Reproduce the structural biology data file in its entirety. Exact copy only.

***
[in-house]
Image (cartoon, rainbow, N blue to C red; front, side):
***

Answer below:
[in-house]
Image (cartoon, rainbow, N blue to C red; front, side):